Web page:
CARDIODX®

Your patient's blood doesn't tell you that they will get tired walking the dog. Or that they've had heartburn for the past 2 weeks. But it can tell you whether or not obstructive CAD is what's causing their symptoms. You may not need to go deeper than the blood to know what's happening. MORE


Regrown bones, transplanted faces: Chemist is remaking military medicine
Wired    Share    Share on FacebookTwitterShare on LinkedinE-mail article
Dr. Joachim Kohn, a chemist, is at the helm of a $250 million, Pentagon-funded exploit into regenerative medicine called AFIRM. His goal: to take those people ravaged by war, and help put them — quite literally — back together. More

 Emerging Medical Technologies


Medical device makers fear tax
USA Today    Share    Share on FacebookTwitterShare on LinkedinE-mail article
Even as the new healthcare law adds millions of insured customers to the paying pool, medical device manufacturers say a tax on their product could cost them billions. The tax came as the government looked for ways to fund the new law. Insurers agreed to pay a tax beginning in 2013 because they would gain new customers. More

1st mother-daughter womb transplants performed in Sweden
CNN    Share    Share on FacebookTwitterShare on LinkedinE-mail article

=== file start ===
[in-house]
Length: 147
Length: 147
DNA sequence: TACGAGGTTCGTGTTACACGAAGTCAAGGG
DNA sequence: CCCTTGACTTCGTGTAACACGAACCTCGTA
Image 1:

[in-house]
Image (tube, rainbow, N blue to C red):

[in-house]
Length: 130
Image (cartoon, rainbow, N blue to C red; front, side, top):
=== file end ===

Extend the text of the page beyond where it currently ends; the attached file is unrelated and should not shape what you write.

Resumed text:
Two Swedish women have received new wombs donated by their mothers in the first mother-to-daughter uterine transplants, officials said. The first woman had her uterus removed years ago because of surgery for cervical cancer, according to the University of Gothenburg in Sweden. The second woman was born without a uterus. More

 Managed Healthcare News


Healthcare law's impact on businesses varies
USA Today    Share    Share on FacebookTwitterShare on LinkedinE-mail article
Companies specializing in driving down spending on healthcare, whether through electronic records, preventive care or consolidating services, are turning out to be the biggest winners from the 2010 healthcare law. Investors, analysts and policymakers say any business that can help healthcare providers cut costs or keep patients from being readmitted to the hospital soon after an in-patient visit is attracting more customers and seeing more investment. More